Contra Protestantism

Virgin Mary Crucified?

Written by Boniface

In their attempts to discredit Catholic veneration of the Blessed Virgin Mary and demonstrate that Mary takes the place of Jesus in Catholic piety, Protestants have sometimes made the assertion that different Catholic shrines around the world depict Mary as crucified for the sins of mankind, essentially sending the message that Mary, not Jesus, is the Savior of the world. This accusation appears in the popular evangelical book Fast Facts on False Teachings by Ron Carlson and Ed Decker (2003), where the authors speak of an altar in the Cathedral of Quito, Ecuador, that features an altar with a crucified statue of Mary above it. The same accusation is made in the video Catholicism: Crisis of Faith by Lumen Productions, an anti-Catholic video produced by disgruntled ex-Catholics. The implication is that Catholics believe they owe their salvation to Mary, not Jesus.

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I am of Paul, I am of Apollos

Written by Boniface

 In the First Epistle of St. Paul to the Corinthians, we see Paul in two distinct places giving warnings to the Corinthian Church about boasting about their ministers. The Church in Corinth had been built up by St. Paul with the help of Apollos, an Alexandrian Jewish convert who was known for his erudition and powerful preaching. Shortly after the founding of the Church of Corinth, around 55 AD, dissension and schism broke out among the Christians there over sectarian disputes. It is regarding these disputes that Paul addresses the following passage:

"Now I beseech you, brethren, by the name of our Lord Jesus Christ, that you all speak the same thing and that there be no schisms among you: but that you be perfect in the same mind and in the same judgment. For it hath been signified unto me, my brethren, of you, by them that are of the house of Chloe, that there are contentions among you. Now this I say, that every one of you saith: I indeed am of Paul; and I am of Apollos; and I of Cephas; and I of Christ. Is Christ divided? Was Paul then crucified for you? Or were you baptized in the name of Paul?...For Christ sent me not to baptize, but to preach the gospel: not in wisdom of speech, lest the cross of Christ should be made void" (1 Cor. 1:10-13, 17).

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Assumption: Not a Question of History

Written by Boniface
 
The Church's doctrine on the bodily Assumption of the Blessed Virgin Mary is usually treated with scorn by Protestants, who of course do not acknowledge the unique role of Mary in salvation history. There are many objections: the doctrine is "not biblical"; it was "invented" in 1950; in makes Mary into a rival of Christ for our affection, etc...Before I came back to the Church, I used to be skeptical of this doctrine; "Assumption? It sure is one giant assumption, since the Bible says nothing about it," I used to say to myself.

It is not the concept of an Assumption that is so problematic - Protestants of course acknowledge that both Enoch and Elijah were assumed alive into heaven, as the Scriptures state. The problem is not with the concept of an assumption, as much as whether or not one specific individual - Our Lady - was in fact assumed body and soul into heaven.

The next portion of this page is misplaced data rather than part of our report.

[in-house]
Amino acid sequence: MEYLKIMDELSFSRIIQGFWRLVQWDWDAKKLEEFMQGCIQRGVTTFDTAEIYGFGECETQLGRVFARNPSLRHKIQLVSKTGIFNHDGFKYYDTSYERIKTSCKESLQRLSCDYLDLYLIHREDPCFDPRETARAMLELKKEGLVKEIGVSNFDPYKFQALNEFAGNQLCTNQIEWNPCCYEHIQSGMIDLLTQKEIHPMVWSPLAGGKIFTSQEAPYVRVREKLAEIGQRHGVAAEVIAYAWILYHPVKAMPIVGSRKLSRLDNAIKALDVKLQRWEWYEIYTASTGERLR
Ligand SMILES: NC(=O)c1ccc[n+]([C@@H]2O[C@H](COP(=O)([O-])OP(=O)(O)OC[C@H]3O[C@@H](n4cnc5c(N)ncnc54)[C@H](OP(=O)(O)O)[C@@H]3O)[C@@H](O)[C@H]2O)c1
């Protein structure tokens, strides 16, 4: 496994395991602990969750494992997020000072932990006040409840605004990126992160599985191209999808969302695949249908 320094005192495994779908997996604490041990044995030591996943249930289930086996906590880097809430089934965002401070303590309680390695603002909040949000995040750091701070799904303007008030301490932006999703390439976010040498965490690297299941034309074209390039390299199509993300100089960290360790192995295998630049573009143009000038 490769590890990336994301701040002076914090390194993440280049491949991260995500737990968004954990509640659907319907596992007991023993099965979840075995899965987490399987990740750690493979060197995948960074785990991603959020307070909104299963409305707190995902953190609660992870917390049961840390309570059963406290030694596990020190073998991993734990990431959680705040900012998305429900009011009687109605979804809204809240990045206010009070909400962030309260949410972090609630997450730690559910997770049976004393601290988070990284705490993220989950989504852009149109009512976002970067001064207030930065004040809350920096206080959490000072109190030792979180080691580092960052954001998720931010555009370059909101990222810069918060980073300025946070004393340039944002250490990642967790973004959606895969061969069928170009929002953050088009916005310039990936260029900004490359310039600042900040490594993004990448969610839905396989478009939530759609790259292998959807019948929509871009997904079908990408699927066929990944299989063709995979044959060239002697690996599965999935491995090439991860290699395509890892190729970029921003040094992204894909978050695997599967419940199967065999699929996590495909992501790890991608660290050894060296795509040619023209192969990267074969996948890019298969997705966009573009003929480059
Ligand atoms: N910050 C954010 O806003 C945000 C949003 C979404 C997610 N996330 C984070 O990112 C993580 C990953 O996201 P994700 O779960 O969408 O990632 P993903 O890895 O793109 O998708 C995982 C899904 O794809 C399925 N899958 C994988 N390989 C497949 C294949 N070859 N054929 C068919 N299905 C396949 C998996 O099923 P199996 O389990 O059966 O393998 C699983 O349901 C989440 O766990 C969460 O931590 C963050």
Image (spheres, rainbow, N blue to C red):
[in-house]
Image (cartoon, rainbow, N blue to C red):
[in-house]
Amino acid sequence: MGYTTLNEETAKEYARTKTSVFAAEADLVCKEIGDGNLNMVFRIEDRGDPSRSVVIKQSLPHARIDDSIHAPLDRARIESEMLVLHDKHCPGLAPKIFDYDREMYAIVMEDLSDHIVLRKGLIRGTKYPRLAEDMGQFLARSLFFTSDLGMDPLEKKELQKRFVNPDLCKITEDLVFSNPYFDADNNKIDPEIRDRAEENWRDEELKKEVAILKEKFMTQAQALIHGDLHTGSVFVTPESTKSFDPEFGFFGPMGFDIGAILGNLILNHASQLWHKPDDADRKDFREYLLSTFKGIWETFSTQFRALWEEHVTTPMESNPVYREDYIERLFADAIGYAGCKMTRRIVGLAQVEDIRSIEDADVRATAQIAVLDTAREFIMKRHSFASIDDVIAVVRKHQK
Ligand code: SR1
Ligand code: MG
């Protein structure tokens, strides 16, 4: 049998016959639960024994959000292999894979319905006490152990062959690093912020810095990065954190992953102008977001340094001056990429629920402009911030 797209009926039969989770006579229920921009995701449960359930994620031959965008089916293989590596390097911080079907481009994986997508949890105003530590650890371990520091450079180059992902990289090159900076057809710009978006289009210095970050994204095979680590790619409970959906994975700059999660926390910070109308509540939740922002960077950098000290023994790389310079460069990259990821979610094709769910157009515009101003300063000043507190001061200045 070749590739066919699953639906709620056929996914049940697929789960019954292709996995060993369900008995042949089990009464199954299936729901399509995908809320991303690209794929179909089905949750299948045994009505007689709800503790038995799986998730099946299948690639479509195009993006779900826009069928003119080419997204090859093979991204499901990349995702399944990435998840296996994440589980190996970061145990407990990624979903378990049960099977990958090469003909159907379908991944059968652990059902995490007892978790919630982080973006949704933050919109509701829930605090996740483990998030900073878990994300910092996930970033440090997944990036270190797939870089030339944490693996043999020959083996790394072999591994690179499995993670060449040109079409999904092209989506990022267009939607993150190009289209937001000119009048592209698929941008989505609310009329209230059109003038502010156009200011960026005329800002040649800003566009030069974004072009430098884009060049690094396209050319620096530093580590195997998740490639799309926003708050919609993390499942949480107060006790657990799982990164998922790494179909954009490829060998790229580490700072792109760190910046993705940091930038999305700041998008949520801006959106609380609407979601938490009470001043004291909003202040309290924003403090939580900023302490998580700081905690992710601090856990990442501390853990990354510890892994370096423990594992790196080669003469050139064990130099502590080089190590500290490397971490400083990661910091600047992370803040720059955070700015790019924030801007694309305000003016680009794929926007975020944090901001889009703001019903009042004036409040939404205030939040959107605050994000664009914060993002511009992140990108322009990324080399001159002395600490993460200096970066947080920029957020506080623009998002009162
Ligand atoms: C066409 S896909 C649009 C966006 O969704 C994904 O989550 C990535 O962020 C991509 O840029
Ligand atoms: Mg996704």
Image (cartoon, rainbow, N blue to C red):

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Petra vs. Petros: The Silence of Luther and the Greeks

Written by Boniface

If petros and petra are such astonishingly different words in the Greek that upon their meaning hinges the validity of the papacy, why did neither Martin Luther nor the Greek Orthodox take notice of this fact in their disputes with the popes? Most educated Catholics are probably familiar with the argument raised by non-Catholics about Peter being called the "Rock" in Matthew 16 that is based upon drawing a distinction between the two Greek words petra and petros.

If you are not familiar with this argument, Google it and you'll come up with a lot of material on it from Protestant and Catholic apologists. I think it is a rather weak argument; Patrick Madrid has dealt with it admirably here. Catholic Answers has a helpful tract about the topic as well, and Steve Ray's book Upon This Rock uses a plethora of sources, including Protestant scholarship, to dismantle this common Protestant objection.

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The Pridefulness of Sola Scriptura

Written by Boniface
Besides the many arguments against the Protestant concept of Sola Scriptura from history, Scripture and logic, I think we could posit another fourth category of objections based on the subjective dispositions such a doctrine brings about in those who adhere to it. It is my contention that the Protestant doctrine of Sola Scriptura leads to a prideful disposition in the soul, which is forced by logical necessity to invest its own opinions with the authority of divine revelation. The Catholic teaching of an authoritative Church that hands on doctrine, however, leads the soul to humility and docility, for the doctrine is received as a gift given gratuitously. Let us examine this further.

Catholics and Protestants come at the truth through two different avenues. In Catholic theology, we look at the content of Divine Revelation and interpret it through the lens of our own tradition, which we hold to be authoritative. Thus, while certain questions are open for discussion, there are many others which we hold as "settled."
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